With Michigan firmly under British control, the garrison at Fort Amherstburg saw little action directed against their fort. They participated in the victory at Frenchtown and the disastrous siege of Fort Meigs and Fort Stephenson. By the fall of 1813, the situation was looking grave at the Fort. General Procter had constantly been at odds with Tecumseh and his native warriors. And with his requests for reinforcements falling on deaf ears as the war shifted further east, he soon found himself in an untenable situation. At the loss of the entire Royal Navy Squadron during the Battle of Lake Erie Procter made the decision that set in motion his loss of command. He decided to abandon the post and retreat to Burlington Heights. With the fort destroyed, Procter began the long march east. The Americans found little more than a ruin when they arrived in Amherstburg; the Americans would establish their post in the town, Fort Malden. During the final year of the war, Fort Malden served as little more than an outpost for Raiders against the smaller communities, a counterpoint to the British posts at Delaware and Port Talbot. With the signing of the Treaty of Gent, Fort Malden would return to British control later in 1815.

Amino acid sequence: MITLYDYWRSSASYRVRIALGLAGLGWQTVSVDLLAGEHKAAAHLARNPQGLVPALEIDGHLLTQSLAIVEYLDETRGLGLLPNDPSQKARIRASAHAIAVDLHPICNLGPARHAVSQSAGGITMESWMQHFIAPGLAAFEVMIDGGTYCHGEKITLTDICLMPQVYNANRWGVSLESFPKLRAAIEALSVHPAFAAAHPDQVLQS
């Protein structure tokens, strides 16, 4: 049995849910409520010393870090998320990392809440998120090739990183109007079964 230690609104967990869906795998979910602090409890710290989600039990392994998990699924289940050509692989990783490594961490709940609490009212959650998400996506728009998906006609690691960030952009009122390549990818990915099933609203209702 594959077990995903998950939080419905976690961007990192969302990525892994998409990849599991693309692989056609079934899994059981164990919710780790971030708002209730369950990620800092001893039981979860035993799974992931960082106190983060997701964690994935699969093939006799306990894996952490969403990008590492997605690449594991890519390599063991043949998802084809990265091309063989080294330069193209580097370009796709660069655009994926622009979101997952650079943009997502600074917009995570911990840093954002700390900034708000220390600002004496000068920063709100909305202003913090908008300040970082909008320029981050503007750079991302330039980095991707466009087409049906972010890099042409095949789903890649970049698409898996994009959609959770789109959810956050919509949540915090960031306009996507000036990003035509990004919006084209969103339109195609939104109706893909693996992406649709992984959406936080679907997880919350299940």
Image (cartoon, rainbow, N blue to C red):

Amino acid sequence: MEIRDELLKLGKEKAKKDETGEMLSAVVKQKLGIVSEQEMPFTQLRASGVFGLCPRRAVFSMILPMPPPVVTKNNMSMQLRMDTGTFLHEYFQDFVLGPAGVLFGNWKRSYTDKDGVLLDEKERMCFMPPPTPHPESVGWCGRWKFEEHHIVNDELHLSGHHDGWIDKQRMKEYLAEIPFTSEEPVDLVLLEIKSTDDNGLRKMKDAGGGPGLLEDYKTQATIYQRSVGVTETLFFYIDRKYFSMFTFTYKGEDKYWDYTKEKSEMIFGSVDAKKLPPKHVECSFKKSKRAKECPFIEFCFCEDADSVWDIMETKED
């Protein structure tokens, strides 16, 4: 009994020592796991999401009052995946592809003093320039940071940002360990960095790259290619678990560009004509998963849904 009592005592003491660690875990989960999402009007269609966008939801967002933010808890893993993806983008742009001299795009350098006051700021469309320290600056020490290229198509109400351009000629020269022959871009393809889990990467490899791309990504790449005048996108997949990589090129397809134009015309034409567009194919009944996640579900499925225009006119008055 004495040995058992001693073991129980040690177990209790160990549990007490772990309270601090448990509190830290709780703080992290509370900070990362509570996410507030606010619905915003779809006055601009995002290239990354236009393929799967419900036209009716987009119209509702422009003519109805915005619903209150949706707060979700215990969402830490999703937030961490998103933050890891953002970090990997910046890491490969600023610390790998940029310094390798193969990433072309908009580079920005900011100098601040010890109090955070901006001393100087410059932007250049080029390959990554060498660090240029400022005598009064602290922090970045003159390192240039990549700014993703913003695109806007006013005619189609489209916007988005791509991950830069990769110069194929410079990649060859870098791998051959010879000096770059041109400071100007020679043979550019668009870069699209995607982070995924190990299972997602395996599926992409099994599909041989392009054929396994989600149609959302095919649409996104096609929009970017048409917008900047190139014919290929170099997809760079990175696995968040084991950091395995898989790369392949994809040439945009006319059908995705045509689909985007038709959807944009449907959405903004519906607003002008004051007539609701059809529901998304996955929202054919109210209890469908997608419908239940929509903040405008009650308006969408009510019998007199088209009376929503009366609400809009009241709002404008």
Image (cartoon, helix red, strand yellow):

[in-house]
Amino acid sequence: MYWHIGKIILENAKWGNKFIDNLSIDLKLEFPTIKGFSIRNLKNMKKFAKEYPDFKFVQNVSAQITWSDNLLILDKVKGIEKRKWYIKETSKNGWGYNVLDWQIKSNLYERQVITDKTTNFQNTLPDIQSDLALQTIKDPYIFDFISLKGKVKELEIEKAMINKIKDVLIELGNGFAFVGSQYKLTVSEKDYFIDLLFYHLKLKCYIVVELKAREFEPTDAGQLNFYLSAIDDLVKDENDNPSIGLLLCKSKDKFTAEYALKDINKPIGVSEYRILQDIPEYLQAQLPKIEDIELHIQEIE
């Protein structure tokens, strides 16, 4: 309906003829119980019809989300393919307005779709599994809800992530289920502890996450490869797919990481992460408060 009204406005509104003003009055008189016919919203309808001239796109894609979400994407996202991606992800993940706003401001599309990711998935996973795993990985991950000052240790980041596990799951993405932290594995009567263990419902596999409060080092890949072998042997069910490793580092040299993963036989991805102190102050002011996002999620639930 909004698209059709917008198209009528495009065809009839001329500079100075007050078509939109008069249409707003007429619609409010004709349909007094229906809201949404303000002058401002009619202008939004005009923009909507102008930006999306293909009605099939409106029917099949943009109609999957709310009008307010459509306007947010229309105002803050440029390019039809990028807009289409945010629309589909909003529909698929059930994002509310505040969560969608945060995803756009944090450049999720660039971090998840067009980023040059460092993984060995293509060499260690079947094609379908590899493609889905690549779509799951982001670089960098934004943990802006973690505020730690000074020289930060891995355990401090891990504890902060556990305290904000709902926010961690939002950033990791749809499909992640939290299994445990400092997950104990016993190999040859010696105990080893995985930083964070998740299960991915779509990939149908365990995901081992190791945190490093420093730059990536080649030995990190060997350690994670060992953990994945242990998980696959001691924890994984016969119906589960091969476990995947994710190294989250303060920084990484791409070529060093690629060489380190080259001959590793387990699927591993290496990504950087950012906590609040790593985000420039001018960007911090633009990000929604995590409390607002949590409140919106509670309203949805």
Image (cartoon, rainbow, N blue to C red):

Project:1812 - Fort Amherstburg/Fort Malden
A visual represenation of what the No. 1 Barracks would have looked like in 1839, today only an outline of the foundation remains.
Pentax 645 – SMC Pentax A 645 75mm 1:2.8 – Kodak Tri-X Pan – Kodak HC-110 Dil. B 5:30 @ 20C